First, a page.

1
\$\begingroup\$

We have selected a 100kohm potentiometer to dim LED's that are connected to a class 2 power supply. However, according to UL; all selected parts need to be UL recognized for the device to be UL approved. I can not find any information regarding whether certain potentiometers are UL recognized or not. The potentiometer that we have selected is P231-QC20BR100K but it can be any panel mounted 100K pot pretty much

I have a UL lookup where I can find a manufacturer and see if they have UL approved parts but it seems backwards and I have yet to find one that does.

Here is the UL SAM http://www.ul.com/global/documents/offerings/industries/lighting/Downloads/SAM.pdf

I know if I select parts out of the SAM then I am good to go, but I am looking for a more basic solution.

\$\endgroup\$
3
  • 3
    \$\begingroup\$ If something is certified by anything, they will proudly present it right away in the most visible places in their specs and docs. \$\endgroup\$
    – Eugene Sh.
    Jan 20 '17 at 21:07
  • \$\begingroup\$ Maybe not, sometimes the certificates aren't listed on the datasheet, usually they'll have them on their website or datasheet though. \$\endgroup\$
    – Voltage Spike
    Jan 20 '17 at 21:50
  • \$\begingroup\$ The power supply to be used is this meanwellusa.com/productPdf.aspx?i=256 and shows a 100Kohm pot used to dim the circuit. \$\endgroup\$ Jan 23 '17 at 17:05
2
\$\begingroup\$

Not every component needs to be recognized. The power supply as a whole will be listed / recognized. It's up to the evaluation to the appropriate standard to determine if the component is critical. Potentiometers are not usually recognized unless they have switches or are needed to seal out water and dust etc.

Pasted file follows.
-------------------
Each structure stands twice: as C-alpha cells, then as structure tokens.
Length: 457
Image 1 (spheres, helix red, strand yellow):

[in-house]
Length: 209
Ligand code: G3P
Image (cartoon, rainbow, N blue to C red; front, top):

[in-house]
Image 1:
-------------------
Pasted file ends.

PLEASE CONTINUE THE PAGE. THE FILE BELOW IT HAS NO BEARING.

\$\endgroup\$
2
\$\begingroup\$

I contacted a mean well engineer for this issue and his response was

"The potentiometer does not require to have UL cert because the PWM-60-12 CofA does not require. "

Datasheet - http://www.meanwell.com/productPdf.aspx?i=256

\$\endgroup\$
1
  • \$\begingroup\$ +1 for getting a responce! CofA is UL shorthand for "Conditions of Acceptability". Theses are special notes or instructions on how to use the device per UL requirements. They don't have to tell you what they are (but it is very useful to know!). These CofA's will be used when the final product is being evaluated. An example would be a psu that only works within it's temperature range if mounted vertically other wise it overheats(convection air cooling). This means if you mounted it horizontally in the end product it would need looking at again and possibly could not be used. \$\endgroup\$
    – Spoon
    Jan 23 '17 at 22:39
0
\$\begingroup\$
  1. look at the part for the UL mark;
  2. call the oem;
  3. check out the datasheet;
  4. call UL?
  5. submit it a UL certification yourself. ...
\$\endgroup\$
0
\$\begingroup\$

You can go to UL.com and get to their on-line certifications directory then type in the name of the manufacturer to see which (if any) of their components are UL listed or recognized. If they are not on there, they are not.

UL listing or recognition stipulates that the UL mark must be on the product or data sheet. As said, if a manufacturer goes to the trouble and considerable expense to do so, they are going to make it obvious.

That said, if you are connecting to the load side of a class 2 power supply, you may not need to use UL listed or Recognized components. Have you talked to UL about this?

\$\endgroup\$

Your Answer

By clicking “Post Your Answer”, you agree to our terms of service, privacy policy and cookie policy

Not the answer you're looking for? Browse other questions tagged or ask your own question.